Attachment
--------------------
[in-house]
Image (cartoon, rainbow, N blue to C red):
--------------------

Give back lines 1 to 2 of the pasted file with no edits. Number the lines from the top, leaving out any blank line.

[in-house]
Image (cartoon, rainbow, N blue to C red):